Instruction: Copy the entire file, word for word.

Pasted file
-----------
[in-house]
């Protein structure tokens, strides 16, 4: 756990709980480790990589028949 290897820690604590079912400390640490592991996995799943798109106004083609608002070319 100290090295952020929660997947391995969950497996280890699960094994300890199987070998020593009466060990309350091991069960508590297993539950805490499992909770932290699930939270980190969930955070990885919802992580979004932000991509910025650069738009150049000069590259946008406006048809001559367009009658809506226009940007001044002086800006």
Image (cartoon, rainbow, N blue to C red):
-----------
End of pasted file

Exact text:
[in-house]
């Protein structure tokens, strides 16, 4: 756990709980480790990589028949 290897820690604590079912400390640490592991996995799943798109106004083609608002070319 100290090295952020929660997947391995969950497996280890699960094994300890199987070998020593009466060990309350091991069960508590297993539950805490499992909770932290699930939270980190969930955070990885919802992580979004932000991509910025650069738009150049000069590259946008406006048809001559367009009658809506226009940007001044002086800006």
Image (cartoon, rainbow, N blue to C red):